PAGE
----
By Alina Selyukh
THE VILLAGES, Florida (Reuters) - Republican vice presidential candidate Paul Ryan on Saturday put a personal spin on the debate over Medicare health coverage, bringing his elderly mother on stage in a speech to thousands of seniors at a Florida retirement community.
"When I think of Medicare, it's not just a program, it's not just a bunch of numbers, it's what my mom relies on, it's what my grandma had," Ryan, 42, said at The Villages, a conservative stronghold.
Ryan hugged his mother Betty Douglas, a 78-year-old who lives part-time in Florida. She waved to the crowd.
Republican presidential challenger Mitt Romney's pick of Ryan as his running mate has put a spotlight on the Wisconsin congressman's best-known achievement - a budget plan that would slash Medicare costs by converting it from a program that provides guaranteed health benefits to retirees to one that provides limited subsidies to buy coverage.
But on the campaign trail, Ryan has moved away from his plan to emphasize a less-detailed Medicare proposal by Romney.
Talk of shrinking the health program for the elderly could lose the Republicans votes in Florida, a major swing state in the November 6 election and home to a higher concentration of seniors than anywhere else in the country.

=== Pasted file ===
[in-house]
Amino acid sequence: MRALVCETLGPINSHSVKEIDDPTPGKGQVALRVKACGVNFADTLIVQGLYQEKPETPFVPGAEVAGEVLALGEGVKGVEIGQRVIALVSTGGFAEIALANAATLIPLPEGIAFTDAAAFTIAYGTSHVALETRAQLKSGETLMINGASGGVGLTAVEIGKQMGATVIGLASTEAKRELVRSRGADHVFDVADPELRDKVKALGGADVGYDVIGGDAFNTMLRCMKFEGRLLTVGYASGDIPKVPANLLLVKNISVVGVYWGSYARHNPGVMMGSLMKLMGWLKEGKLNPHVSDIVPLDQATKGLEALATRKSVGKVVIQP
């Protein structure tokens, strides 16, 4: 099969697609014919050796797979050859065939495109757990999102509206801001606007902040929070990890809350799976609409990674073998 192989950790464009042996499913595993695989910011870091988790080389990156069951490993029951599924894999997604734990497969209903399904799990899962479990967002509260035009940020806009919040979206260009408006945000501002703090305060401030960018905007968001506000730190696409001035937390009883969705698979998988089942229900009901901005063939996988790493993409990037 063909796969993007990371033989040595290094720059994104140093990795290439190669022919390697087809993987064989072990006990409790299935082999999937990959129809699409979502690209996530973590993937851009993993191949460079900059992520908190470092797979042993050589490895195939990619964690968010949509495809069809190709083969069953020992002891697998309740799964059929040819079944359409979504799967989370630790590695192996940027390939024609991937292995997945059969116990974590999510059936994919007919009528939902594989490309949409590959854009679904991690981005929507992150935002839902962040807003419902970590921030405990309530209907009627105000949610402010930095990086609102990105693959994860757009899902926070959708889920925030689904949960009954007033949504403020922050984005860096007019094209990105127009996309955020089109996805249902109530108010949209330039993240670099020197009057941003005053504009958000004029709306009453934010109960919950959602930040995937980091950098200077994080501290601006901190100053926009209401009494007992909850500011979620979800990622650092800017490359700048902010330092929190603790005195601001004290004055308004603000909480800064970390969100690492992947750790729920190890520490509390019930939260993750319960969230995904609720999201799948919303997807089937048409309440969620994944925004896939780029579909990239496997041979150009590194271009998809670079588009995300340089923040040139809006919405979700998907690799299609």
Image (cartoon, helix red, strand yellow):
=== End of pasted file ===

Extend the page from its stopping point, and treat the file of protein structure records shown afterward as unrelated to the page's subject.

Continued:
Democratic President Barack Obama's re-election campaign is attacking the Ryan plan, saying it would "end Medicare as we know it." Meanwhile, Republicans accuse Obama of cutting $716 billion from Medicare to pay for the healthcare overhaul law that the president signed in 2010.
Ryan shared a story on Saturday of his grandmother who had Alzheimer's disease and moved in with him and his mother when he was in high school.
"Medicare was there for our family, for my grandma when we needed it then. And Medicare is there for my mom, when she needs it now. And we have to keep that guarantee," he told a crowd waving American flags and Romney/Ryan campaign signs.
"But in order to make sure that we can guarantee that promise for my mom's generation, for those baby boomers who are retiring every day, we must reform it for my generation," he said.
Medicare benefits nearly 50 million elderly and disabled Americans, but its financing will be squeezed by the growing numbers of retirees.
Concerns about the program's future have become the top healthcare issue in the 2012 election, surpassing worries about Obama's controversial healthcare law, a Kaiser Family Foundation poll found earlier this week.
(Editing by Alistair Bell and Vicki Allen)
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